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Scottish revolt: RIAS chief Neil Baxter quits

Neil Baxter

Neil Baxter has quit as secretary and treasurer of the RIAS just days after a group of leading Scottish architects demanded a major shake-up of the organisation

A statement released by the RIAS this afternoon (17 November), said the incorporation had agreed to a request from Baxter to leave and that he would be stepping down immediately.

Baxter spent 10 years at the RIAS, leading a number of major initiatives, including the Festival of Architecture, and becoming widely known as the organisation’s spokesperson.

The RIAS said: ‘Neil will be standing down as of today and the senior management team at the RIAS will continue to deal with all matters relating to the business of the incorporation.’

Last week the RIAS came under fire from a collective of nearly 100 architects calling for an overhaul of the structure of the ‘self-satisfied’ and ‘bunkered’ RIAS and for the 101-year-old organisation to become more transparent, inclusive and accountable over its decision-making.

Writing under the banner ‘A New Chapter’, the group including Malcolm Fraser, Chris Platt and Jude Barber delivered an open letter in which they asked for details of the RIAS’s independent salaries benchmarking review, the full findings of the recent probity review and the results of the independent Governance Review into existing management practices to all be made public.

RIAS president Stewart Henderson subsequently admitted that those recent investigations had ‘identified a lack of structured governance [which needed] to be addressed with improved management organisation and accountability measures put in place’.

Even so, he insisted, that there had been ‘no attempt to cover up investigations’, saying there had been legal reasons why the information had not yet been shared in full.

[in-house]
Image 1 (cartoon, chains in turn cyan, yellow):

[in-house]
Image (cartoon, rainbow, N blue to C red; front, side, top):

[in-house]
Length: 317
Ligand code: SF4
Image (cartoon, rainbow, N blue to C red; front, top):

However, the departure of Baxter will undoubtedly raise further questions about what is happening within the incorporation.

Alan Dunlop, architect and professor at the University of Liverpool, described Baxter’s exit as ‘deeply concerning given all that has happened in the last few weeks, particularly the call for an independent investigation into the workings of the RIAS and an end to secrecy’.

He added: ’There have been many and various rumours reported to me about the difficulties at the RIAS for several years [but] no one has felt able to come forward and speak openly on the record.

‘I hope very much that there will be open and honest discussion and that the RIAS can sort itself out for the benefit of Scottish architects.’

The AJ has contacted Baxter for comment.

A statement from A New Chapter:

‘Today’s special announcement from the RIAS confirming Neil Baxter’s resignation as secretary and treasurer raises more questions than answers. The timing of this announcement is interesting in light of previous questions raised in an Open Letter to our President of 12 September (based on information in the RIAS Summer Quarterly) regarding governance, finance, strategy and relevance.

’In the most recent RIAS Quarterly the President noted that a RIAS Governance Review Panel had conducted a strategy, which would herald a ‘clean bill of health’ for the organisation.

’Over the past few months A New Chapter has seen a surge in positive thoughts and ideas about what a progressive, 21st century organisation for architects in Scotland might look like, how it might behave and what it might do.

’We now look to our president and representatives on Council to answer our ongoing questions and now, to clarify why [Baxter] has tendered a sudden resignation.’




Readers' comments (3)

  • Gordon  Gibb